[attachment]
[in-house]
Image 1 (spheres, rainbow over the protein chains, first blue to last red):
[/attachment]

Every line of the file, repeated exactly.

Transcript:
[in-house]
Image 1 (spheres, rainbow over the protein chains, first blue to last red):